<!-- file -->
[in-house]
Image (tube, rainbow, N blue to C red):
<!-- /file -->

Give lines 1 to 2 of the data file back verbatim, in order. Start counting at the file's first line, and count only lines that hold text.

[in-house]
Image (tube, rainbow, N blue to C red):